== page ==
The heart is only a muscle. It's a meaty pump that shoves and sucks the blood that carries the oxygen that carries the electrons that keep us alive. It beats forty or a hundred and forty times a minute, hour after hour, day after day, until, between one contraction and the next, it falters and stops. When surgeons lay the heart open to repair valves and carve out damaged tissue, they find no spirit hiding there, no seat of the soul. Biologists can trace it back down the evolutionary path to the earliest twitchings of life in the sea.
Yet who can accept that we're merely meat? Who can shake the suspicion that we're more than two-legged heaps of dust accidentally sprung into motion? Whatever the doctors and biologists claim, we go on using the word heart as if it pointed to an emotional center, a core of integrity. We trust those who speak from the heart. We're wary of those who are heartless and hard-hearted. Have a heart, we say, begging for kindness. Home is where the heart is, we say. We're drawn irresistibly to our heart throb, who knows how to pluck our heart strings. We long to feel heart's-ease by fulfilling our heart's desire. In our earnest pronouncements, we appeal to hearts and minds, heart and soul. Swearing most solemnly, we cross our hearts and hope to die, if what we say should be a lie. Heartfelt and heartsick, heartland and heartache, heartwood and heartbreak: the word, like the muscle beating in our chest, is indispensable. The beliefs we truly live by, the ones we'll die for, are those we hold in our heart of hearts.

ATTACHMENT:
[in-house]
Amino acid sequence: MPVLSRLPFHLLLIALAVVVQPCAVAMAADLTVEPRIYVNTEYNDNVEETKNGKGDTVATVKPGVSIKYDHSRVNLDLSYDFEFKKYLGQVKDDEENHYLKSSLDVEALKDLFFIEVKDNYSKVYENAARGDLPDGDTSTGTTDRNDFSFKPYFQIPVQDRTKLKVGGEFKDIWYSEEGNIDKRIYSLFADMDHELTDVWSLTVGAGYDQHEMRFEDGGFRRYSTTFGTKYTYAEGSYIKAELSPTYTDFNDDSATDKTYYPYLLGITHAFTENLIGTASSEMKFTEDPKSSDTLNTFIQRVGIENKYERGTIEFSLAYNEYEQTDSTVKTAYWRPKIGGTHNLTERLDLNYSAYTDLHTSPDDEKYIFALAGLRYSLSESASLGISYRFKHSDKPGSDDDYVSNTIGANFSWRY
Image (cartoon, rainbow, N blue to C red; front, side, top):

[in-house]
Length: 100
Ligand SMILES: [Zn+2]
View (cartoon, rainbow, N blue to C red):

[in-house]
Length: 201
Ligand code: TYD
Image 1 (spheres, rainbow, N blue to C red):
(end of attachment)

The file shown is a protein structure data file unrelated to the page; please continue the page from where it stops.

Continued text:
Scott Russell Sanders was born in Tennessee and reared in Ohio. He studied in Rhode Island and Cambridge, England, before going on to become a Distinguished Professor of English at Indiana University. Among his more than twenty books are novels, collections of stories, and works of personal nonfiction, including Staying Put (Beacon Press), Hunting for Hope (Beacon), and A Private History of Awe (North Point Press). His writing has won the AWP Creative Nonfiction Award, the John Burroughs Essay Award, and the Lannan Literary Award. He and his wife, Ruth, a biochemist, have reared two children in their hometown of Bloomington, in the hardwood hill country of Indiana's White River Valley.
Photo by Christina Rahr